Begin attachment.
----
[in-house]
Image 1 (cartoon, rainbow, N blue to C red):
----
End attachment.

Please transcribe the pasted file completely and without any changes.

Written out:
[in-house]
Image 1 (cartoon, rainbow, N blue to C red):